Medals Don't Make a President

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In the middle of a war — or is it a war? — almost an entire Presidential briefing is taken up with the question of how many times a 26-year-old George W. Bush showed up in Alabama for National Guard duty more than 30 years ago.

Crazy. There is not the slightest doubt that if, say, John Edwards were the Democratic front runner, the issue would be considered an irrelevance. Indeed, during the months when Howard Dean was the front runner, it never came up. It comes up now only because the Democrats have providentially made John Kerry, war hero, their presumptive nominee.

For 2 1/2 years since 9/11, the Democrats have been adrift on national security. With Kerry, they have finally stumbled their way onto an answer: "We still have no answer, but we have a man with an unimpeachable military record. What have you got?"

The Democrats want to make the issue one of biography. It is, after all, no contest. Kerry has his Vietnam medals; Bush can barely produce his National Guard pay stubs.

Two years ago, biography was not enough. The Democrats got slaughtered in that election campaign because the President had a plan for the post-Sept. 11 world — a forward strategy of war abroad and homeland-security reorganization at home — and the Democrats had nothing.

Democratic Senator Max Cleland, another genuine war hero, was defeated in Georgia after he and other Senate Democrats had held up the establishment of the Homeland Security Department because of union rules. Democrats bitterly complained that Cleland's patriotism had been questioned. But it was not a matter of patriotism; it was a matter of seriousness: when crazed jihadists are flying airplanes into American buildings, the usual rules — including union rules — are suspended.

The Democrats simply did not understand that. They lost big. In 2002, past heroism was not enough. In 2004, it might just be. Why? Because Sept. 11 is fading.

The memory is still present enough in the national consciousness that the country demands someone minimally serious about national security. Dean collapsed because when people took a close look at him, he failed the midnight, red-phone, finger-on-the-button test. But the memory of Sept. 11 is now distant enough that, unlike in 2002, biography alone might be enough to meet the "seriousness" test.

Lucky for the Democrats. It is hard to see what Kerry has to offer beyond biography. The issue of our time is the war on terrorism. Bush's strategy throws out the old playbook on terrorism — the cops-and-robbers, law-and-order strategy of arrest and trial followed by complacency — and takes the war to the enemy. Kerry says terrorism is "primarily an intelligence and law-enforcement operation" — precisely the misconception that had us waking up on Sept. 12 realizing that while the enemy was preparing for war, we were preparing legal briefs for grand juries.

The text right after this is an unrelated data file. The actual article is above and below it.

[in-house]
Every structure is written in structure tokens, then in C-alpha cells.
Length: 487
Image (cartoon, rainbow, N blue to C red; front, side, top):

And where did Kerry stand on the most critical national-security questions of the past two decades? In 1991 he voted against the Gulf War, which he now says he was in favor of. Twelve years later, he voted in favor of the Iraq war, which he now tells us he was against. Then he voted against the $87 billion for reconstruction and troop support while telling us that of course he supports both the reconstruction and the troops.

War hero he is. But a man of so many pirouettes hardly inspires confidence as a resolute President. That should not surprise us. The very idea that national service, even heroic service, necessarily correlates with great presidential leadership is simply irrational. By that logic, Douglas MacArthur would have made a great President. By that logic, Ulysses S. Grant was a great President. (It's not just an American phenomenon: the most decorated veteran in Israel's history, Ehud Barak, was a disastrous Prime Minister.) Even more impressive is the fact that two of the greatest war Presidents in American history — Abraham Lincoln and Franklin Roosevelt — had military backgrounds that make Bush's look distinguished: Lincoln, minimal (less than half a year of militia duty); Roosevelt, none.

Kerry tells his campaign audiences how, as a returning Vietnam vet, he stood up to the waste and carnage and injustice of what he calls "Nixon's war." All true, except for one inconvenient fact. The man who got us into Vietnam — committing what is arguably the most egregious presidential misjudgment of the 20th century — was not Nixon. It was Kerry's political hero, John F. Kennedy: Ivy League, U.S. Navy, decorated officer whose wartime valor propelled him to Massachusetts Senator and then Democratic candidate for President of the United States. Sound familiar? So much for biography.